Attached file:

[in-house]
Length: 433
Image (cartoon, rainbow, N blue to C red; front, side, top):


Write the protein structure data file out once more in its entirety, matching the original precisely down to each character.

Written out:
[in-house]
Length: 433
Image (cartoon, rainbow, N blue to C red; front, side, top):